Cheese waste used to produce biofuel

This scientific breakthrough represents a significant contribution for environmental sustainability

Cheese could be an innovative energy source. A group of researchers from two Argentinian universities managed to produce biofuel from whey, which is a polluting waste resulting from cheese production. The National University of Río Cuarto (UNRC) and the National University of Villa María (UNVM) were the institutions that collaborated in this study.

The result of this research was bioethanol sufficiently pure to be used as vehicle fuel. To this end, the researchers isolated microorganisms capable to use the lactose in cheese whey.

A byproduct of the cheese industry

In cheese production, every kilogram of cheese produces, on average, nine liters of whey. This is a clear liquid made of 95 percent water, 4 percent lactose, and 1 percent protein.

This scientific breakthrough represents a significant contribution to environmental sustainability. Whey is one of the most pollutant residues produced in the food industry and it contains a high level of organic matter.

Doctor Lilia Cavaglieri was in charge of the research team. Cavaglieri is currently the lead researcher at the National Scientific and Technical Research Council (Conicet) and also works as a professor of the Microbiology Department at (UNRC). Other scientists that collaborated in this project were Dr. Mariana Montenegro, from the Villa Maria Center of Research and Transference (CIT) and Microbiologist Carla Aminahuel, Biology PhD student.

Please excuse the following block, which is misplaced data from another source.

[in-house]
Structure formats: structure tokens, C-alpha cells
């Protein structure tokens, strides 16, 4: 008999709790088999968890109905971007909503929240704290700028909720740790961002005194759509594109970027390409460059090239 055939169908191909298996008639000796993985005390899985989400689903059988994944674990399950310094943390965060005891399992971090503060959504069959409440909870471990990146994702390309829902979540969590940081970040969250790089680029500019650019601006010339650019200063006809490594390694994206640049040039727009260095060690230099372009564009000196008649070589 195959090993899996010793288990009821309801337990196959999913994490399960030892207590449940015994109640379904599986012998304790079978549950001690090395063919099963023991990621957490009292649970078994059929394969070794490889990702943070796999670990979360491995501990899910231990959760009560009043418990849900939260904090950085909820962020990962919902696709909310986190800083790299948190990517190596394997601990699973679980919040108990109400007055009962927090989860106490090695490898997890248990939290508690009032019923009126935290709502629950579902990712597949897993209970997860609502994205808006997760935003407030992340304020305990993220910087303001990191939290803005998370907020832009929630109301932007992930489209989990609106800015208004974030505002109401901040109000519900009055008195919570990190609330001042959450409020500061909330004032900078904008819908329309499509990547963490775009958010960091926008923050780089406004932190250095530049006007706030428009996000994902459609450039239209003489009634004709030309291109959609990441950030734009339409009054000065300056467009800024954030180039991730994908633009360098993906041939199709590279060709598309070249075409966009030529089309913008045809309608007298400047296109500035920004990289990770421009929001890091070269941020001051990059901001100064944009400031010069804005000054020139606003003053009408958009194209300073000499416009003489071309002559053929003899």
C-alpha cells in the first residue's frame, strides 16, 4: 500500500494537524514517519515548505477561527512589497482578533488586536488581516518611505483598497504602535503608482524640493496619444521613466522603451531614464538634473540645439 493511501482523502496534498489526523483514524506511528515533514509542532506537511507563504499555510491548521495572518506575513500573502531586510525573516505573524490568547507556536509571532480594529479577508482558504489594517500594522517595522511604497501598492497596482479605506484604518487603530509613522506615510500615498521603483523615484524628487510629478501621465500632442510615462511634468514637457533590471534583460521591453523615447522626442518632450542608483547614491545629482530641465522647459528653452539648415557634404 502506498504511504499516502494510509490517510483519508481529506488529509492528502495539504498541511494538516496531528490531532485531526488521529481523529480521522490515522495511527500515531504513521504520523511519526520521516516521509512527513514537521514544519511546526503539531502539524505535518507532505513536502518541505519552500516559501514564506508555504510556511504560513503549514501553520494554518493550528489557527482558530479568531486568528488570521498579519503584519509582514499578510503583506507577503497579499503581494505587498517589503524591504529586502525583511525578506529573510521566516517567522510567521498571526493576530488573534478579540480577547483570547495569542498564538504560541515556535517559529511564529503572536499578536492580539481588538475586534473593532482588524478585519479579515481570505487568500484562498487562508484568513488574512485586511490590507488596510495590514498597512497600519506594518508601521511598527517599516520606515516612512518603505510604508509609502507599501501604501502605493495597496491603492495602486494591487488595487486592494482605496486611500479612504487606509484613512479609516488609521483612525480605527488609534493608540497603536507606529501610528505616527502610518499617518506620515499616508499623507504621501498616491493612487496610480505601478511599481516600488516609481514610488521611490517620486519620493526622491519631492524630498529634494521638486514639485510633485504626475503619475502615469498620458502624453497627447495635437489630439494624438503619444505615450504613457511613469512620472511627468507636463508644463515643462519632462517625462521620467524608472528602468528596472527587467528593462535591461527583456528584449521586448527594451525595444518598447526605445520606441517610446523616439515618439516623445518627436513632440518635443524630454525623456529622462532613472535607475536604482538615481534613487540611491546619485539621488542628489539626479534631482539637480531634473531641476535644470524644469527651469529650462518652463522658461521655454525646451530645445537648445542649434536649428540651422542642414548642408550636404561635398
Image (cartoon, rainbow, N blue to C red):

Advantages of Bioethanol

Bioethanol is an alcohol produced from different agricultural products, including corn, sorghum, wheat, sugarcane, and even biomass. It is an ecological energy source that gains more and more worldwide support each year. Currently, it is presented as an alternative to oil or natural gas.

This product in a gasoline oxygenate. When used as an additive, it improves the fuel’s octane rating and reduces greenhouse gas emissions. Moreover, it reduces the proportion of lead and other additives that can be dangerous to people’s health.

Its advocates argue that it has a wide range of environmental and economic advantages. They assure that this fuel reduces dependence on fossil fuels and decreases pollution, adding that its use improves the engine’s combustion and theoretically it could be used in all types of vehicles.

Despite its advantages, production expenses are still very high. Hence, this type of research is very important.

In Latin America, Brazil, Argentina, and Colombia are at the lead in biofuel production, according to the United Nations Economic Commission for Latin America and the Caribbean (CEPAL). Little by little, it has become an option of an energy source that could compete with oil. These countries have technological advances that enable the use of flexible fuels, in terms of consumption and supply, especially in sectors like transportation.

An abundance of raw material

Argentina is the world’s third largest cheese producer. Additionally, the country’s cheese industry generates around 9 million tons of whey a year and, in the process, discards about 60 percent. In these cases, it is handled as an industrial effluent to avoid the contamination of the ground and water contamination.

Minimizing the environmental impact of whey entails an enormous economic cost for cheese producers. Furthermore, producers need a physical space to place this waste.

Nowadays, many companies discard whey through pipelines connected directly into the ground without any sort of treatment. This is why an alternative use would provide a positive environmental and economic impact.

For more information, check Energía16  

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